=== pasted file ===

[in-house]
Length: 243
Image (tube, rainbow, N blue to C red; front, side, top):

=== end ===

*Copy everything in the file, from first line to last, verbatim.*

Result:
[in-house]
Length: 243
Image (tube, rainbow, N blue to C red; front, side, top):